Can One Believe the Ancient Sources That Describe Messalina?

BY HISTORY OF THE ANCIENT WORLD – SEPTEMBER 29, 2012 the Ancient Sources That Describe Messalina?

Hosack, Kristen A. (Illinois Wesleyan University)

Constructing the Past: Volume 12: Issue 1, Article 7 (2011)

Abstract

If readers were to believe everything the ancient sources wrote about the Empress Valeria Messalina, they might conclude that she was a conniving, sex-crazed megalomaniac who worked as a prostitute in her spare time. The historian Publius Cornelius Tacitus, the satirist Decimus Junius Juvenali (Juvenal), and the biographer Gaius Suetonius Tranquillius were Roman citizens who wrote slightly before and during the middle second century CE and are just some of the ancient authors who describe Messalina in unflattering ways. However, to what degree are these sources accurate representations of Messalina? It may be difficult to gain a coherent sense of Messalina‟s true character and behavior from the ancient sources, but it is possible to identify who she most likely was not and what she probably did not do. After all, each depiction of Messalina reflects certain personal biases and motives, such as Tacitus‟s dislike of Messalina‟s husband or Suetonius‟s tendency to gossip.

In addition, the natures of history, satire, and biography can affect accuracy, as can the sources that each author used. For example, ancient historical writing‟s primary purpose was to provide lessons in morality, while biography tended to focus on anecdotal evidence, and satirical works employed exaggeration in order to be effective. Therefore, as a result of personal and literary biases, Tacitus, Suetonius, and Juvenal most likely provide exaggerated, fabricated, or intentionally one-sided portrayals of Messalina, which subsequently reduce the accuracy of their depictions.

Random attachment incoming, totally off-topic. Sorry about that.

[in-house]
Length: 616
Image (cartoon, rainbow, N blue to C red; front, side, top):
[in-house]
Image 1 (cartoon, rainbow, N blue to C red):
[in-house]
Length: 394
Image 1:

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Ciutats romanes a les terres de València (hasta siglo III)

València és el víncul geogràfic entre el sur i el nord de la Ibèria mediterrània, entre la vall del Betis i les illes d’Eivissa i Formentera.
La seva localització estratègica va ser la raó romantizació de Sagutum, Valentia i Illici. No n’hi havia grans ciutats o tan plenes de momuments com a la resta d’Hispania; tanmateix el seu interès enllaça el desenvolupament d’un model d’integració amb el modus vivendi romà què alhora preserva restes del passat local, com va atresorar Saguntum o en el seu epítet (Valentia Edetanorum).

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Bankruptcy

Nothing changes. No matter that the territorial division or the name of the country, no matter the economic crisis are small or almost global reach.

In the late third century AD the Mediterranean was in the hands of Emperor Diocletian. A true autocrat, an emperor-god. While in any of his palaces, usually in Nicomedia (modern Turkey), during the hearings of the subjects had to prostrate before the emperor before daring to look up to him. All that concerned the emperor received was sacred: his person was sacred, sacred words, sacred palace, sacred treasure, and so on.